[S13 E10] New
In this week’s show, Prof. Wolff presents updates on dying empires and climate crisis; mass shootings; fast-food mega-corps fund referendum to slow California plan to raise fast food workers wages and working conditions, and why the debt ceiling debate in Congress is a phony GOP-Dem political theater. In the second half of the show, Wolff interviews Aaron Maté, independent US media critic with special expertise on Russia.
- 00:00 - 01:19 - Introduction
- 01:20 - 04:44 - Climate care
- 04:45 - 07:57 - Secret Service reports on mass shootings
- 07:58 - 10:11 - Fast-food restaurants wages
- 10:12 - 14:31 - Debt ceiling theatrics
- 14:32 - 28:25 - Interview with Aaron Maté
Transcript has been edited for clarity
Welcome friends to another edition of Economic Update, a weekly program devoted to the economic dimensions of our lives and those of our children. I'm your host Richard Wolff. Today’s program is going to look at the interaction between dying empires— particularly the British and the American—on the one hand and the climate crisis on the other. We're also going to look at a new report from the Secret Service of the United States about mass shootings. We’re going to delve into an effort by fast food restaurants in California to buy their way out of paying higher wages and we're going to then talk about the so-called debt ceiling crisis playing out in Washington. After that, we'll have an interview with a very important independent news journalist and host, Aaron Maté.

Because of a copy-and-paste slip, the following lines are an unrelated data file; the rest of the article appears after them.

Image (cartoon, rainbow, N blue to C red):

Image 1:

So let's jump right in. The British empire started to decline at the beginning of the 20th century and spent the entire century declining. It's far beyond the United States whose decline is much more recent in terms of its beginning to go down as an offset, you might say, to its rise in the previous century. One of the things that we can see already is how the declines of empires play out in terms of how they deal with the crises of their time. We clearly have a crisis of our climate, of our planet, of what we have done to that planet and what it is doing as a result. It's instructive to see what has happened with an empire whose decline is further along than ours—Great Britain, the United Kingdom— so for example, last month, Minister Graham Stuart—he's the minister for the environment [climate] in Britain—got exposed taking campaign contributions from fossil fuel companies and supporting renewing coal mining in England and so on. You know it’s… it's pathetic. It happens too often but at a time when the climate crisis is severe and Britain is already declining…far along declining empire…it’s particularly painful to watch fake concern expressed with the climate while the reality is the opposite.
If that weren't enough, on the 25th of January the New York Times ran a remarkable editorial talking about the decline of the United Kingdom across the board in its health care and its living conditions…in its mass attitudes towards issues. It was a remarkable thing for the New York Times to do and tells you how stark the decline in Britain has gone. Of course, the New York Times being a US publication doesn't see the parallel signs of decline here in the United States…so let me offer you one as an example…there have been recent reports that a stunning sum— one trillion dollars—was spent in recent years to make a transition from a carbon to a non-carbon energy production system in the world. Out of the trillion dollars that were spent—and that is impressive—over half the amount was spent by the People's Republic of China. Coming a distant second was the United States and the United Kingdom nowhere at all. That's what it means when an empire is declining—if you're just willing to look at the accumulating signs.